Systemic aluminum toxicity: Effects on bone, hematopoietic tissue, and kidney

E. H. Jeffery, K. Abreo, E. Burgess, J. Cannata, J. L. Greger

Research output: Contribution to journalArticlepeer-review


Although the full mechanisms are not yet elucidated, research into the mechanism of toxicity of aluminum (Al) on bone formation and remodeling and on hematopoietic tissue is ongoing. In contrast, little information exists on the interactive effects of systemic Al and the kidney. In bone, both clinically and experimentally, high doses of Al inhibit remodeling, slowing both osteoblast and osteoclast activities and producing osteomalacia and adynamic bone disease. In contrast, while very low levels of Al are mitogenic in bones of experimental animals, the effect of low levels of Al in humans is unknown. Aluminum has been shown to have its mitogenic action at the osteoblast, but whether the effect on resorption is via osteoblast-directed changes in osteoclast activity has not yet been determined. Parathyroid hormone (PTH) levels are disrupted by Al in humans and animals. Whether altered PTH levels play a major or even a minor role in Al-dependent osteotoxicity requires clarification. In hematopoietic tissue, Al causes a microcytic anemia, not reversible by iron. Friend leukemia cells treated with Al have been reported to accumulate excess iron, without incorporating it into ferritin or heme. It is not yet known which steps in iron metabolism are disrupted by Al, if they involve a single mechanism of action, or even if this disruption in iron metabolism accounts for the anemia seen in Al toxicosis. In kidney, research is needed to evaluate Al nephrotoxicity; there are almost no studies in this area. Furthermore, research is needed to evaluate mechanisms of renal Al excretion, presently shown by one study to occur at the distal tubule. Such studies might well throw light on whether Al plays a role in aggravating renal insufficiency, or whether the role of the kidney in Al toxicosis is limited to the causative effect of renal compromise on Al accumulation. In summary, while a number of mechanisms have been proposed for the toxic action of Al, no single mechanism emerges to explain these diverse effects of systemic Al. Recommendations for future research are presented and summarized in Table 1.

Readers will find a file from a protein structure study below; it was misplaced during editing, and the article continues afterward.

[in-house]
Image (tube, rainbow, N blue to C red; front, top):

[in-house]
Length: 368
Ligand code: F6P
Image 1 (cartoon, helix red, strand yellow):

Original languageEnglish (US)
Pages (from-to)649-665
Number of pages17
JournalJournal of Toxicology and Environmental Health - Part A
Issue number6
StatePublished - 1996

ASJC Scopus subject areas

  • Toxicology
  • Health, Toxicology and Mutagenesis

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